Election of First Female Governor Boosts Japan's Ruling Party
By Kathryn Tolbert
The ruling Liberal Democratic Party (LDP) and its coalition partners supported Ota's candidacy--over the objections of the party's Osaka chapter--in the closely watched vote Sunday. She was a longtime bureaucrat in Tokyo who had not run for political office before.
"She's a bureaucrat, but being a woman, the smell of bureaucracy was less strong," said Takayoshi Miyagawa, a political commentator and consultant. "Plus, after the sexual harassment scandal, she is regarded as remote from sexual harassment."
Osaka's former governor, Knock Yokoyama, resigned in December as he was about to be prosecuted on charges of groping a female campaign worker.
Editorials and analysts noted today that what people in Osaka really wanted was leadership to rescue Japan's second-largest city from the effects of the recession and to deal with the budget deficit.
"The unemployment rate in Osaka is 2 percent higher than in other big cities and it has other problems typical of big cities," said Tatsuhiro Tokuda of the Kansai Economic Federation. "We count on her to show her balanced administrative ability in coping with all these problems."
The ruling party was split over Ota, with the Osaka chapter reportedly complaining that it was not consulted before she was picked to run.
The Osaka branch preferred Tatsuto Hiraoka, 59, the director of a local private school group, who came in third. Makoto Ajisaka, 66, a professor at Kansai Unversity, who was supported by the Communist Party, was second with a little more than 1 million votes, trailing Ota's 1.38 million.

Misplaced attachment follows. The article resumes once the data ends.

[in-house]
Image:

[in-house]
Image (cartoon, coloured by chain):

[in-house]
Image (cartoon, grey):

Obuchi must call a general election by October, and the victories of LDP-backed candidates in Osaka and Kyoto on Sunday appear to give him firm control of the timing.
The Sankei Shimbun newspaper pointed out that triumphs in regional elections have not always translated into national victories.
The opposition parties have boycotted Japan's parliament, the Diet, since late January to protest the LDP's pushing through a bill to cut the number of seats.
Ota, 48, who joined the Ministry of International Trade and Industry immediately after graduating from Tokyo University with a degree in economics, has lived mostly in Tokyo, a point her opponents attacked during the campaign. She said that she has lived in Osaka in recent years with her husband, who works for a lens manufacturer, and, while working in Tokyo, returned to Osaka every weekend. She spent two years as deputy governor of the southern prefecture of Okayama, an appointed position.
Special correspondent Akiko Yamamoto contributed to this report.
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